A new release of the Jabber framework for RU and Frontier. (The prefs page will probably work only in RU.) Info in the title link, and the changes page (if you've installed it).
I've done the coding for the transition to the new framework architecture for Jabber, and I'm now testing it, trying to run down all the code paths, checking my TODO list, seeing what happens when I disconnect the network. Also got a bit of documentation to sift through and correct, which I'm doing right now.
I also want to once again look into the possibility of adding Jabber functionality to xml.rpc, since I don't need a connection reference any more. (I forgot to list this as another good reason to transition to this architecture.)
It's looking good; failure is still a bad thing, as some messages may get dropped on the floor, but I don't think I need to nursemaid the connection any more. Perhaps most importently, it feels significantly more reliable. So like I said, this should be the beginnings of production quality code. (This is a benefit to me being on the @Home network; I had to handle bad network connections early, I couldn't just brush the problem under the carpet.) I wish my IM client would restore connections so transparently for me!
The only bad news is that the conferencing protocols look to be a disasterous mess right now. A couple of the sample uses of the framework I was hoping to implement are looking mighty iffy. I had hoped to push your news to a group; it looks like you might only get it to a particular account. I was also hoping to implement something for Weblogs.com to easily push the updates out on Jabber, but without a highly configurable conference group (I'd want to make sure only the Weblogs.com thing could post, or it'll get deluged in spam), that won't happen. I can't even find a spec I can code to, let alone a sample implementation to test against. The right answer might even involve programming a module for the Jabber server. (I could do it, but that's a bit more then I'm willing to undertake.) I don't even know that the servers even have the capabilities I'd need right now.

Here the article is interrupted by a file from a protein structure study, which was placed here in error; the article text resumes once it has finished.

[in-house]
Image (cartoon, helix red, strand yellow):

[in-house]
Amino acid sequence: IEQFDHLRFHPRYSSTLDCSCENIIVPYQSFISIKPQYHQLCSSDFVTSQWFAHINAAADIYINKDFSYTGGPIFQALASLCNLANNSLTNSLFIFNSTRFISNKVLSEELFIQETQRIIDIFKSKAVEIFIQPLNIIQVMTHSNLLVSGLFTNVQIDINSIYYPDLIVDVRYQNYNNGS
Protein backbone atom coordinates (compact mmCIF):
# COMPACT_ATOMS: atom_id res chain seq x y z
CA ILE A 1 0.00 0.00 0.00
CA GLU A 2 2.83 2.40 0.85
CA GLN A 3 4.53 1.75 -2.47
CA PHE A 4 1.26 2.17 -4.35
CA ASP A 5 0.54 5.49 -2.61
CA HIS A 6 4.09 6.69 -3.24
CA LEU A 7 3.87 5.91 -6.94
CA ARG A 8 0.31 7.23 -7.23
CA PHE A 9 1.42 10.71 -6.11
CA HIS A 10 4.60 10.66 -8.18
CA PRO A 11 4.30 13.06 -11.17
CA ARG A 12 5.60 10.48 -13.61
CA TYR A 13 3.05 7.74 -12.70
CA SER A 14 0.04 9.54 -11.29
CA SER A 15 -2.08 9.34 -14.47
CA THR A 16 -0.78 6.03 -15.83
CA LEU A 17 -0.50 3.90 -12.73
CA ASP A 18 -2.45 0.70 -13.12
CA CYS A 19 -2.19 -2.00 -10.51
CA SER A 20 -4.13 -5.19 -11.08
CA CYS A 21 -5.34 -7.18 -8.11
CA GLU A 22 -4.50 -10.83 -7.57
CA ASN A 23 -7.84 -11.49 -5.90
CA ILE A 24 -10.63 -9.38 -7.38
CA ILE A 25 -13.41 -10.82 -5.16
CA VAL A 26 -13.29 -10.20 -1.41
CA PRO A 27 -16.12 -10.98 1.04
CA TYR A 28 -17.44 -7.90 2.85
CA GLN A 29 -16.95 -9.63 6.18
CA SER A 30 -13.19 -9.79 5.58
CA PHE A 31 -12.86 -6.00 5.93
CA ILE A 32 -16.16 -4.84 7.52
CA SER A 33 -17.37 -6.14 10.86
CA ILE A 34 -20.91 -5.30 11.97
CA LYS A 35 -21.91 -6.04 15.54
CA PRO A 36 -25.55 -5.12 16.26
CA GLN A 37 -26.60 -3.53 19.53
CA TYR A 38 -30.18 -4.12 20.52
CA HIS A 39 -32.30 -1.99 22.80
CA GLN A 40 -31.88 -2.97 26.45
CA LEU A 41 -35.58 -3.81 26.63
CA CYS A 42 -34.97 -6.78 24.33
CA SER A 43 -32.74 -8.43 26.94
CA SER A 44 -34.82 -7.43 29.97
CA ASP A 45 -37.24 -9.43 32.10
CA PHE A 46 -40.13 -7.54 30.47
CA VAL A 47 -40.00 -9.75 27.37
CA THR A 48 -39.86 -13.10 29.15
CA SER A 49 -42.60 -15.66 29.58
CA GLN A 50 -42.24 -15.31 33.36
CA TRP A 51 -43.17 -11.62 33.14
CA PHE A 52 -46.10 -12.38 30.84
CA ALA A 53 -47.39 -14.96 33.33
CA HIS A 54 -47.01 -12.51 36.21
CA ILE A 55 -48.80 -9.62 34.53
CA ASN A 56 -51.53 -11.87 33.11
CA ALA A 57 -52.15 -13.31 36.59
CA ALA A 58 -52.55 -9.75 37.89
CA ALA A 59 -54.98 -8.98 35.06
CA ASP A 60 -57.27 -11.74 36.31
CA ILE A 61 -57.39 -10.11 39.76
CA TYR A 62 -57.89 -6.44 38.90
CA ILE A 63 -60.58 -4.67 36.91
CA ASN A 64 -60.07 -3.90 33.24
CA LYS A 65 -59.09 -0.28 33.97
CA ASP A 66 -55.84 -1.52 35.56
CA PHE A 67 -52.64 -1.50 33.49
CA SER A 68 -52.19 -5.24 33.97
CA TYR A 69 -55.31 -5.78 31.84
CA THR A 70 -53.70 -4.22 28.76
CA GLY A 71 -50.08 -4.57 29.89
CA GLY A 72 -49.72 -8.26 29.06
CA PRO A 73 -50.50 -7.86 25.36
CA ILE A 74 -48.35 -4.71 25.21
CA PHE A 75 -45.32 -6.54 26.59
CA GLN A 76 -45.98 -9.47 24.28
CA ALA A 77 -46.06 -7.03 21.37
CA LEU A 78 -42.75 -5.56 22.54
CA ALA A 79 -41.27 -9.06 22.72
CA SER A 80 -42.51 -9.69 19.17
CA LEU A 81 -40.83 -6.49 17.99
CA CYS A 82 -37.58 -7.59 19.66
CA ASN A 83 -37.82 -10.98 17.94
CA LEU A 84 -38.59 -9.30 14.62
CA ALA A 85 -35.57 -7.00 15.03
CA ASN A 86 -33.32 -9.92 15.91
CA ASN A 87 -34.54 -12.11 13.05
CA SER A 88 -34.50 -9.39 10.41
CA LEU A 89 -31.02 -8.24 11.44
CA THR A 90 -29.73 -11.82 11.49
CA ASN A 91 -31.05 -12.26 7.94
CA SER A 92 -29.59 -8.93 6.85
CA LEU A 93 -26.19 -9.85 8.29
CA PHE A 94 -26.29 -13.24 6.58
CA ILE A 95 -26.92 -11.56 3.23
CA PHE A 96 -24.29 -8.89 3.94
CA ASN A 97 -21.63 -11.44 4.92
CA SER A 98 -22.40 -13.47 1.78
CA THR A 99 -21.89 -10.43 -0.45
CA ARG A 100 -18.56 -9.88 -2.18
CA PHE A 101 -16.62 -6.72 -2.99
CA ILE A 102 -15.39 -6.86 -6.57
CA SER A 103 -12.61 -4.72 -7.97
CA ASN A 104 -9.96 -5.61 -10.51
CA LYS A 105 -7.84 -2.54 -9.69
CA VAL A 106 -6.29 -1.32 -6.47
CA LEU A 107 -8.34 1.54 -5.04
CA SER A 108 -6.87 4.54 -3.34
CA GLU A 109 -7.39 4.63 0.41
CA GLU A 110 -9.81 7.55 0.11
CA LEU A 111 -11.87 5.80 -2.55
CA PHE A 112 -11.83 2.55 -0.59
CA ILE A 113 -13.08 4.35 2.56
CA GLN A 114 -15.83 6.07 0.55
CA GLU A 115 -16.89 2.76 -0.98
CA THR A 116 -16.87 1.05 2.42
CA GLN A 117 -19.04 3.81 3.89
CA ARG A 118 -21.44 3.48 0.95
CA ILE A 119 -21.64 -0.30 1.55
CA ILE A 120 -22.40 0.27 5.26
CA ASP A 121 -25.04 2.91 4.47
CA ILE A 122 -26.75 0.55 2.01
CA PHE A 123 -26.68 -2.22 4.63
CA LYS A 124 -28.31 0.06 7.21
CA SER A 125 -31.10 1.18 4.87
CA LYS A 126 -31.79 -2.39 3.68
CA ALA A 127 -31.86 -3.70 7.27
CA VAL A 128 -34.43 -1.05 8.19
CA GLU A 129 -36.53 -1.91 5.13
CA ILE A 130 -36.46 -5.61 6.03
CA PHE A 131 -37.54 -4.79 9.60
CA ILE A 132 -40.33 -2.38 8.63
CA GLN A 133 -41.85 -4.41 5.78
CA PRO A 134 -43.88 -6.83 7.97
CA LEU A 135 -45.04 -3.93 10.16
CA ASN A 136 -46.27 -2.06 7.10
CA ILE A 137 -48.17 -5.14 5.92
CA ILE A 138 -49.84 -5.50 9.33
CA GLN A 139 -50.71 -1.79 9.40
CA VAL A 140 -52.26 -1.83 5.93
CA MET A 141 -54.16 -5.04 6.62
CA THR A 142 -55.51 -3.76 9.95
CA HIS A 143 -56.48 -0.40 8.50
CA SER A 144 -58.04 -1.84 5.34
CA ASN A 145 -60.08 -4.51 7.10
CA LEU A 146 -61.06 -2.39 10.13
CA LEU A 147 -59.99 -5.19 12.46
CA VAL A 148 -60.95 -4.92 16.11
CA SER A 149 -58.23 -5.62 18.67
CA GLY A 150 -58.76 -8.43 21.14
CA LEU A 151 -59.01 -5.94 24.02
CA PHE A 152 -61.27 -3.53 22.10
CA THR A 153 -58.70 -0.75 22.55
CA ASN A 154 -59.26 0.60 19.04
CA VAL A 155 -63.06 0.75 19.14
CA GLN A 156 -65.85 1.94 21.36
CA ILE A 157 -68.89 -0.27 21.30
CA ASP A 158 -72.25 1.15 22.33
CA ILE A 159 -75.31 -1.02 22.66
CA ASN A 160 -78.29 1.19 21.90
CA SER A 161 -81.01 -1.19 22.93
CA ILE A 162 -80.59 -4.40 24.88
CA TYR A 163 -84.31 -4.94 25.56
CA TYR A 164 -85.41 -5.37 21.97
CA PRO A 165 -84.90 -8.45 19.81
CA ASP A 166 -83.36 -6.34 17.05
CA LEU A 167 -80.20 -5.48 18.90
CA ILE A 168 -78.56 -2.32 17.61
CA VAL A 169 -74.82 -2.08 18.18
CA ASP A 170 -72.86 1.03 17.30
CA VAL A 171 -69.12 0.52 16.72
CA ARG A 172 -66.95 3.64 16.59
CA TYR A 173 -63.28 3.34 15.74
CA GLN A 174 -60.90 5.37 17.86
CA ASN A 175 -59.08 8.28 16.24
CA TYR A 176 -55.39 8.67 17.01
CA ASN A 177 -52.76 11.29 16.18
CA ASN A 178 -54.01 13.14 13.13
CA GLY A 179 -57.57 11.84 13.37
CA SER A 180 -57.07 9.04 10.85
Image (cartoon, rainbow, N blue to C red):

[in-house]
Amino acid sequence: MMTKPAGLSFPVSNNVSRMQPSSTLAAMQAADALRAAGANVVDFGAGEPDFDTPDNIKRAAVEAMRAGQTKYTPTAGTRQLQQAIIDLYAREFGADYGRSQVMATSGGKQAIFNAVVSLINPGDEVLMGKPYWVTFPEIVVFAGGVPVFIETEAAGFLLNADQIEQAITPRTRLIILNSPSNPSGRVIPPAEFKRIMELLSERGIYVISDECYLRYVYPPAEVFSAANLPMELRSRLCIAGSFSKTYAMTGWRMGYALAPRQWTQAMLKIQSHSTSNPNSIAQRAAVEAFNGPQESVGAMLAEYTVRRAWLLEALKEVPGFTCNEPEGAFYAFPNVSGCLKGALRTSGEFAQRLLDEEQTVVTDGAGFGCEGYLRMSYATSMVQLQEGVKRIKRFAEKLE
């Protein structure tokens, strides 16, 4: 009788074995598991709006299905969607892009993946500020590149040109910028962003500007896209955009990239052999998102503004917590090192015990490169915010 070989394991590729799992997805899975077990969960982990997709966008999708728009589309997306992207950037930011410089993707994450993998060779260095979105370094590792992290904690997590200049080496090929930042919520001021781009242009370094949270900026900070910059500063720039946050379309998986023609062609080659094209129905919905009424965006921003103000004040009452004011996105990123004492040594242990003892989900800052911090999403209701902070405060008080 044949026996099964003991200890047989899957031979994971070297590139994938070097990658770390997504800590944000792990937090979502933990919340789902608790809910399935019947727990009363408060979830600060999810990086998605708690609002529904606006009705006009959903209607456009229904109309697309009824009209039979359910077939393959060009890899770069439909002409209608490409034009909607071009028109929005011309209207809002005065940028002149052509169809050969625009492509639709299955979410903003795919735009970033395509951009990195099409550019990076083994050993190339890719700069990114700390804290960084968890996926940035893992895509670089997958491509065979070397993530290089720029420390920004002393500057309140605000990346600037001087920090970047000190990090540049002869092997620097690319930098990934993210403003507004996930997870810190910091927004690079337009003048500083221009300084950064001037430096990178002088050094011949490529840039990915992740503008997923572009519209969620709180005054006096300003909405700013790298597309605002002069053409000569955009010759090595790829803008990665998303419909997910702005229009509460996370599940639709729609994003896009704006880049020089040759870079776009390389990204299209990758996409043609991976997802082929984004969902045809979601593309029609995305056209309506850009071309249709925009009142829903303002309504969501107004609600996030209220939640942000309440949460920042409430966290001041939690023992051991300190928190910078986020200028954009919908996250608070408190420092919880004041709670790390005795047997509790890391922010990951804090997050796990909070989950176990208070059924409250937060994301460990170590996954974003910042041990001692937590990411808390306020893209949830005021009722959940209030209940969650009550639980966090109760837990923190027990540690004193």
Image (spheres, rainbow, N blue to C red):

I've definately decided to go with the Jabber stuff I described earlier. A few more advantages:
Threading issues are simpler. If the users are responsible for re-establishing connections, there's a nasty time while the system is logging in, but the server will reject any other messages, like I said. If I take control of the re-establishment, it's easy to block these messages. There are also a few misc. places where I could construct a multi-threaded scenario where something bad happened; this reduces, and I think eliminates, those. (I need to double-check the elimination claim, but even if it's false, the consequences of being incorrect are not that critical.)
Production quality. The .7 release is suitable for playing, but because disconnections are such violent events, it's not suitable for production use. .8 will be the beginning of production quality, at least in theory. ;-)
As for anyone who may be playing with the framework and wonders if their code will be useless later, the answer is no. In fact, you'll find you'll need to make very few changes .7->.8; it will mostly be removing calls to "openConnection", and the connectionReference parameters. Feel free to play, and let me know what you find.
The last issue I thought about is the callback approach versus a registerHandler function, as I currently use. Radio uses a callback system throughout, where you drop your script/address-to-script into some table, and everything works. I can't *quite* do that for Jabber, as scripts need to give a little more information about what they want to do. For instance, for an iq tag catcher, I need to know what namespace you're interested in, which I'll store in a table by that name. However, if you know in advance where your script will go, if you put it there manually, everything will work, so in the final analysis, the registerHandler function is just a convenience.
I think I can get .8 out this week. Coding is fairly easy, but there's a lot of testing ground to cover; every capability of the system must be re-tested.
The Jabber framework approaches a critical turning point in its evolution: How the API for connecting other Radio/Frontier stuff works. Actually, we've stepped a bit past it, with the release of .7, which has a first cut at such an API. And I've learned a few things.
In case this is your primary way of getting info about the Jabber stuff I'm doing, I've released a .7 release of the Jabber verbs, which can be obtained by downloading or updating your current copy. Big news is the introduction of an event system, which makes responding to things easy, now. You can write a bot.
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